Overall, if you want to get your hands on gaming in VR, have an extra $1500 lying around and don't mind 1080p as opposed to 4k (like me), then Quest Pro for gaming is top-notch! I mention 1080p because this is how it feels at the moment playing VR titles, even though the resolution is already 4k-ish. Initially, I thought that the "felt" jump in resolution compared to Quest 2 was 10%-ish, but now I think my estimate is closer to 30%. I couldn't truly game on Quest 2 because I hated the resolution. This time though — I don't mind it for some reason.
Now, what about working?
Working with Quest Pro is a blast! To give you some context: I primarily develop software, and I don't mind colours being a bit off from time to time (e.g. I have f.lux on max warmness setting after the sunset). I wouldn't recommend Quest Pro to designers, though. Pick up that $1600 display from Apple. You'd be better off.
Recently I tried running a pirate radio station on Telegram (I have experience as a radio host and wanted to recreate that warmness of morning radio online) — and having extra 2-4 screens was a lifesaver! Having stream controls on one display, Telegram on the second, a soundboard on the third and audio software on another was genuinely fascinating. And all of it runs with the Immersed app connected to the MacBook!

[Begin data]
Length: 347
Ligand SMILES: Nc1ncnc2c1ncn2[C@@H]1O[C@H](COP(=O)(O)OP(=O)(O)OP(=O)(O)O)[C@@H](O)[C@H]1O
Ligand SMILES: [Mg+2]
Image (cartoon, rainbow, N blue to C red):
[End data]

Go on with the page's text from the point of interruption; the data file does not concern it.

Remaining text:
Now, the passthrough. It is not perfect, but it is a considerable jump from Quest 2. The Immersed app also works great with it. And now you connect Apple Magic Keyboard to the headset and see it at all times! Also, when you type, you see your fingers on the keyboard! This is a proper step forward for the technology.
As for the coding, I can do it on any potato, as is evident from one of my articles. I'm not spoiled with fancy 4k displays (only having up to Apple's Retina), and I don't notice the difference with 1080p displays. And all of it with 20/20 vision (yes, I'm still 20/20, 3 years after I got into working in VR). However, even though I couldn't code long with Quest 2 — with Quest Pro, the picture is so crisp I'm sometimes afraid of cutting myself on the text edges. So if you're worried about the resolution and text readability, don't be. The quality of the text is similar to 1080p, if not better. The first thing I noticed when I launched Virtual Desktop was how sharp the desktop and text were.
Now, how about the movies? I wasn't impressed when I watched the newest installment of Matrix in Quest 2. It just felt awkward having that giant headset in front of my face. With Quest Pro and its ergonomic battery on the back, I love every episode of After Life I watch in VR. It is a fascinating experience watching something in your own large cinema while standing in a den without windows. Also, maybe, a bit sad — but I don't feel so!